- Remove either the ‘Purchasing Agent’ or ‘Accounts Payable Payments Clerk’ role from the SARA user (or both roles)
- Remove the ‘Maintain Vendor Master’ duty from the ‘Purchasing Agent’ role
- Remove the ‘Maintain Vendor Payments’ duty from the ‘Accounts Payable Payments Clerk’
With the SOD methodology used by D365FO and the data available in the system, these are really our only options to remediate the issue. Unfortunately these options are fairly ‘heavy handed’ in the sense that performing any of these will probably impact the day to day operation of the SARA user and may not be feasible to perform. So the company would either have to accept the risk and place some sort of mitigating control around it or remove the SOD rule entirely even though this is an entirely valid rule to have (which I have unfortunately seen happen).
Segregation of Duties – Fastpath
Fastpath approaches SOD with a different methodology than D365FO, we always look at SOD at the securable object level within a system. Within D365FO, this means at the menu item, table, data entity, and service operation level. We also have an out of the box SOD ruleset with 115 rules out of the box, this out of the box ruleset includes the segregation of duty rule I had to manually create above within D365FO.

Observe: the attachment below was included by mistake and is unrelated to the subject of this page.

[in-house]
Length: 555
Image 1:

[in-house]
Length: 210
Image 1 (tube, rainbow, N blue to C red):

If we look at the Fastpath report below (User Risk Detailed) we are looking at the same scenario we did within D365FO but with much more detail. We are still looking at the SARA user, the SOD risk in this case is called ‘Process Payments and Settlements & Vendor Master Data’ but this is still looking for instances where a user could potentially create a fictitious vendor and then set up a payment to that vendor. In the report below you can see we show the Role -> Duty -> Privilege -> Securable Object hierarchy to show exactly what objects a user has access to that is causing the risk.
With this additional level of detail we now have a number of different options we could do to fix this particular conflict. We could of course perform any of the actions presented within the D365FO scenario above but we can also:
- Remove the privileges from the associated duties (for example remove the ‘Post payment transfer journal’ from the ‘Maintain vendor payments’ duty)
- Remove the securable object accesses from the privilege (for example remove the ‘Post’ menu item action from the ‘Post payment transfer journal’ privilege)
- Lower the securable object access to Read (for example changing the access for the ‘Payment Transfers’ menu item display on the ‘Maintain Vendor Payment Transfer Journal’)
The reason we have these additional options is because we have the additional data at the securable object level.
Licensing – Native D365FO
I’ve documented the native D365FO licensing features/reports here: https://alexdmeyer.com/2021/01/25/current-state-of-d365fo-user-licensing/